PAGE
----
We had to dig into the pile of rocks, fill up the buckets and wheelbarrows and carry them down to the muddy paths. Each trip took about 20-30 minutes. Our arms were extremely sore, our legs were about to give out and to top it off—it started pouring. We all wanted to go back to the hotel and lay in our beds. We went down to drop the rocks, thinking it was the last trip, and one of the workers said we needed about four more trips worth for all of the muddy paths to be completely filled.  
             Once we approached the bottom of hill, the workers immediately had huge smiles on their faces. They couldn’t believe we were still helping them despite the rain and how tired our bodies were. After experiencing the workers day-to-day tasks and seeing how happy they were, we immediately were motivated to finish the job. We ran right back up the hill without a single complaint. They even asked for a picture of us to keep because they were so impressed! 
            The workers at the sanctuary do these jobs every single day for a living. It is mentally and physically exhausting. What took us 2-3 hours to do, would have taken them an entire day. I’ve never felt so satisfied in my life. We had smiles ear-to-ear knowing that our hard work was appreciated.
            The next morning I woke up tremendously sore, but happy nonetheless. I was excited that it was only Tuesday and that we had a full week ahead of us. I got my fresh breakfast that I looked forward to every morning and the day’s agenda. That day, we walked to Manuel Antonio National Park and went parasailing. We were able to experience the Costa Rican wildlife and clean up the beach on the way walking there!   
Costa Ricans take priority when it comes to caring for the environment and wildlife. They encourage tourists to remain distant from the animals so that they do not become accustomed to living off humans and can sustain on their own. We were able to see several different types of animals including sloths, crabs, bats, birds and insects.  
After the National Park tour, we were able to experience one of the most beautiful white sand beaches in the world, Manuel Antonio Beach. The air was fresh, the water was clear and it was a refreshing change from the beaches in New York. It was inspiring to see how much the natives truly care for their land.  
            On Wednesday, we were transitioning from Manuel Antonio to La Fortuna. Due to the rain and slight traffic our five-hour trip turned into about a seven-hour trip. We were able to unwind and take in the past two days.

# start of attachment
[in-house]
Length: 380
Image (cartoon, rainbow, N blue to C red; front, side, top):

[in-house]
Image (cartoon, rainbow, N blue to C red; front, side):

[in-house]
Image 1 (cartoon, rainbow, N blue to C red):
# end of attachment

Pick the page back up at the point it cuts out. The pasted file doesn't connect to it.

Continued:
We arrived at La Fortuna, which was a completely different world from Manuel Antonio. La Fortuna is in the middle of the rainforest, hours away from the beach. It was a different type of beautiful that we would be living in until it was time to travel back to the states.  
            On Thursday, we took off to paint houses for two different families. The first family lived in a small house with no air conditioning and had very little space. They had a large chicken coop in the back house that they used to harvest eggs that they exported. The expressions of happiness on the family’s face showed how thankful they were for our help.
            The second house we painted was half the size of the first house. It did not have closed windows or screens. This family did not have much nor did we see them, however, it felt good to do a job that would have taken them days in just one short hour. As a group, we were a strong team and were able to accomplish a lot of work together.  
            This was our final service project, the week flew by but we were able to get in a full day every single day. We accomplished more than I had ever imagined and problem solving together drew us extremely close as a group. In one short week it felt like I have created friendships that will last a lifetime. We all share the same benefit of having the Society as a major part of our lives and were able to take our skills and put them into our volunteer work.  
            Coming to Costa Rica has taught me that I haven’t quite lived yet. I’ve never seen the world from another perspective and it was the most meaningful trip I have ever experienced. I have never had that feeling of pure happiness. The first world problems that “we experience” here in the U.S. are meaningless. We take everything for granted and expect so much of one another. I couldn’t quite capture my emotions in words or in pictures so I have created a video that brings my Costa Rican experience to life. The Society and True Nature have given me the opportunity of a lifetime and I couldn’t be more thankful for this trip. This is only the beginning of my travel journeys. I hope to impact people around the world in the same way that I was able to help the Costa Ricans. 
Thank you again to the Society and True Nature for giving me something that some people will never experience in their entire lives. Check out the video below, which sums up the trip, and highlights the incredible experiences we shared together, that we’ll carry with us for the rest of our lives.  
B. Pasapane
Post Date: 
Monday, July 18, 2016